Hook your audience: Three techniques for writing catchy communication headlines for your business
Would you click on these headlines to read what comes next? Or at least scan what the article has to say?
They are each catchy in their own way. Whatever your business is communicating, whether it is a big announcement, newsletter, email, blog or article, fine-tuning a headline will be the difference between your content getting read, or clicked into the trash, no matter how good or fine-tuned your message is.
Headlines may seem like they come easy, but there is a science and technique behind making your content must-read stuff. Yourheadline is the pitch. It’s a direct, succinct, short and simple sales line.
There is a deep psychology in a headline. Behind most of them, you will find:
1. An element of hope.
2. A cliff hanger—your reader cannot not click to find out what information will help them improve some aspect of their life or business.
“The one question that changed my life.”
3. A reference to a big change (either political, economical, or other) that might affect you or your business.
“How unemployment might affect your business in 2020”.
4. New light, angle or perspective on how to take care of, or remedy a common issue, either personal or business-related.
“How to reclaim attention for your brand in a digital age.”
5. A subject or experience shared:
“How my life changed after a year of eating a plant-based diet.”
The goal is to give your reader or audience FOMO if they don’t click to read further.
Three 65 Marketing offers some excellent techniques when it comes to writing headlines. They say:
1. “Get in their heads”.
How can this not get in your head: “The shocking truth about how bathroom mold affects your health.” Everyone cares about their health. This headline makes you want to click on the article to see if you have signs of bathroom mold in your home or office.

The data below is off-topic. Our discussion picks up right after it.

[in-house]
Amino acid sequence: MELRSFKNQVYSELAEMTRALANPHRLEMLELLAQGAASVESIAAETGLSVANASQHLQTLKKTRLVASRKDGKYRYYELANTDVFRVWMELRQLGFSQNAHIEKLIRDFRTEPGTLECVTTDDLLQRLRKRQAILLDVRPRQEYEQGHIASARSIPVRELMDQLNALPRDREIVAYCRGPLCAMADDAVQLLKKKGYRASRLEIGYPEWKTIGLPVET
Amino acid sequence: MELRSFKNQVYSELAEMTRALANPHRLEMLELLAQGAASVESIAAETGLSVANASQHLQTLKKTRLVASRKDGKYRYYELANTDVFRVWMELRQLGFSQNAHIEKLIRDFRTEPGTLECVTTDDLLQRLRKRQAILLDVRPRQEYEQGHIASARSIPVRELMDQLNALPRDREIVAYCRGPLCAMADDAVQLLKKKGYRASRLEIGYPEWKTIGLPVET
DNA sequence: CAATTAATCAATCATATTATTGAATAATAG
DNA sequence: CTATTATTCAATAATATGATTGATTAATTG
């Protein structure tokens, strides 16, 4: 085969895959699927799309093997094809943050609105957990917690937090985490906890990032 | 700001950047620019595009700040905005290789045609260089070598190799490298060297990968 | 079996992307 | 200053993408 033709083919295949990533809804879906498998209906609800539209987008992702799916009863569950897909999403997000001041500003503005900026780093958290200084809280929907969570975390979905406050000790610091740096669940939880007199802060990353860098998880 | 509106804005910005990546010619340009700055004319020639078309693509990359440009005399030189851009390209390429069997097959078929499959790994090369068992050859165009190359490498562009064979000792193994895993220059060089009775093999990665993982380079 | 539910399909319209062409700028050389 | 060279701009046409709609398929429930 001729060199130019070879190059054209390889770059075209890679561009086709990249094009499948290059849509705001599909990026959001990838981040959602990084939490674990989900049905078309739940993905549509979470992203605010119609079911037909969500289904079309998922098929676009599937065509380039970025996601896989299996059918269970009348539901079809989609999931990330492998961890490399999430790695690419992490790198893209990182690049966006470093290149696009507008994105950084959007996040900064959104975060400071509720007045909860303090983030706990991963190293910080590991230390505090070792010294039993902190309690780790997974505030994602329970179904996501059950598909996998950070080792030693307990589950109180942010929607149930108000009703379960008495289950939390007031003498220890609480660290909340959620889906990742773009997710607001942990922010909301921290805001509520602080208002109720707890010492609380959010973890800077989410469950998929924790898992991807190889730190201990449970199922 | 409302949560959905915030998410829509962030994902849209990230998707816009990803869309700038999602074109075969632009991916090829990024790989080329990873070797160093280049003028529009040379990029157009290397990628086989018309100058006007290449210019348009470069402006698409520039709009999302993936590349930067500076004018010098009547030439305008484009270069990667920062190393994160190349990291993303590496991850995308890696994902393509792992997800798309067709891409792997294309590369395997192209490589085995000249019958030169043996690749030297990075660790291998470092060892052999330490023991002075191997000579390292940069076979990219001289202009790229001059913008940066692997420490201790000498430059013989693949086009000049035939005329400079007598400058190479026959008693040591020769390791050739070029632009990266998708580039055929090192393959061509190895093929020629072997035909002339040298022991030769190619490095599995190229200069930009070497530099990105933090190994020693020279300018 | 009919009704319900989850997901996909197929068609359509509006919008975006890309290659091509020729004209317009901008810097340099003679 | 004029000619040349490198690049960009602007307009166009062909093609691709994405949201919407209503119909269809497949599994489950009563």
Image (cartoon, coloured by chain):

2. “Be the expert”.
Everyone likes valuable information that might improve their revenue or processes. “7 mistakes you are making when hiring a contractor.”
3. “Bring them peace”.
Peace of mind seems like a hard thing to attain some days—give your reader steps they can take to make a pre-emptive strike. “Winter cleaning tips to prevent ice dams.”
Other ways to attract attention with a good headline:
Relate your headline to a current event. When something is going down (like a pandemic), people are looking to gather their information from multiple sources to make their own judgements, opinions and decisions about what is going on in the world around them, and how to react.
Add a call to action. This often comes in the form of a list of things you can do to remedy a situation or issue. Web optimization company, The Daily Egg gives example: “10 ways to get rich without working 9-5”.
Remember, don’t be vague. If you have the most up-to-date information and are the best one to deliver it, service it, or provide the product for it, be direct about what you are offering.
If it’s a struggle in the beginning, tap into The Daily Egg’s 41 “Engaging Examples of the Best Headlines to Rally your Audience”. They provide good formulas from which to start.
Whether you or someone on your staff is writing headlines for your email blast, a newsletter, blog post, brochure, website, or sale announcement, a headline can make or break what you hope to share with your audience and customers.